For impaired parents, co-parenting therapy can facilitate a successful relationship between the impaired parent and child. Therapy can help increase independence and self-reliance. This new strength feels good to both the parent and the child. It ultimately fosters more closeness and connection between parent and child.

If you would like to learn more about how you can begin therapy, or have any questions about how to begin therapy please call 415-563-4342 or 510-883-9312, e-mail me directly, or if you are ready to schedule a consultation appointment click here.

Knowing and Accepting Each Other’s Personality Styles

During a separation process parents‚ personality differences get magnified
- especially when deciding the custody of their children.

Disappointment, depression, anxiety, and anger are normal at this time. Different personality types express these feelings in different ways. Understanding what's underneath the behavior can help you find empathy for yourself and your child's other parent.

Problem Solvers: This type fends for and protects their children more than they dislike the other parent. They are problem solvers in other parts of their life and are very willing to negotiate and compromise. They are committed to shielding their child from conflict.
Things can become difficult if the problem solver avoids conflict altogether and issues don't get resolved.

Controllers. The controller may be emotionally or even physically abusive. They often try to maintain the upper hand during a divorce. Many marriages break up because the non-controlling partner stands up to the controller. People try to control others when they don't feel empowered themselves.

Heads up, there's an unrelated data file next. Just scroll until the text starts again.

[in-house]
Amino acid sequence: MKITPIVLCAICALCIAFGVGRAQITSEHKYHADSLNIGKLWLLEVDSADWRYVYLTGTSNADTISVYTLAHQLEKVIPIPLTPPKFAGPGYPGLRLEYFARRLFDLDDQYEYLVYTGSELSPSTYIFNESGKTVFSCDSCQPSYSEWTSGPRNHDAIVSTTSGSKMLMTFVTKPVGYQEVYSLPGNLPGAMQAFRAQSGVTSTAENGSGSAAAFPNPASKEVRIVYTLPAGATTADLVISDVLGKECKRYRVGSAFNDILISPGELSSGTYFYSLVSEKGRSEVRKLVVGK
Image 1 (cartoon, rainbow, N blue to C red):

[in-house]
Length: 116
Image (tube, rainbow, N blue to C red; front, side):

Controllers need to know that they are strong enough to be alone.

Impaired parent. This parent may have a visible disability - or they may be emotionally dependent. It's often difficult for them to let go of their spouse. And often spouses stay in the marriage too long, afraid to abandon them. By the time divorce is underway, there is often a lot of resentment.

Impaired parents need outside help, accepting their dependency and working to overcome it as much as possible. This may mean therapy, alcohol/drug counseling or rehab, vocational rehab, etc.

How Personality Types Interact

The most successful and least conflicted parent combination is two problem solvers. They tend to work together to find solutions. They tend to be good at empathizing with each other and their kids - putting their kids' needs first.

Two controlling parents tend to have the hardest time finalizing their divorce. They will typically be seen in court at times throughout their child's life.

With impaired parents what often happens is that this person leaves the family system, finding a caretaker elsewhere. In some cases, this parent finds the right help and learns to parent in more appropriate and effective ways.

If you would like to learn more about how you can begin therapy, or have any questions please call 415-563-4342 or 510-883-9312, or email me directly at susanmreganmft@gmail.com.